Healthy eating plans are ones that limit red and processed meats, sugary beverages, highly processed foods, and refined grain products. When you consume carbohydrate rich foods, such as breads and pasta, make sure they are whole grain products.

Avoid Alcohol:

It is best not to drink alcohol. When consuming alcohol, it is best to limit your intake to one drink per day for women and two drinks per day for men.

Cancer Screening:

Breast cancer screenings are an important part of lowering your risk for severe breast cancer. The first step in determining what needs to be done for your screenings would be talking to your doctor about your breast cancer risk. There are many different items that can factor into determining your risk of developing breast cancer. Your doctor will help you create a plan for what kind of screenings you need, and how often you should receive them.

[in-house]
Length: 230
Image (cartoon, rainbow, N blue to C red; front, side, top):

Likely, an important part of a plan would be having a mammogram done every two years for those ages 50-74. A mammogram is a machine that uses X-rays to detect breast cancer. Although it can be an uncomfortable procedure, it can detect breast cancer up to three years before the cancer can be felt with the hands. Mammograms are part of the reason why 63% of breast cancers cases are diagnosed at a stage where the 5-year survival rate is 99%.

Only 67% of women ages 40 and older have had a mammogram in the last two years. If you find yourself in the 33% of women who have not had one done, ask your doctor for a recommendation about breast cancer screenings during this Breast Cancer Awareness Month.


Breast Cancer; CDC: https://www.cdc.gov/cancer/breast/index.htm